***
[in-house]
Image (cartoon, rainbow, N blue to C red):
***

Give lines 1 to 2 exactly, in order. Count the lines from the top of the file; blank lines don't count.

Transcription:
[in-house]
Image (cartoon, rainbow, N blue to C red):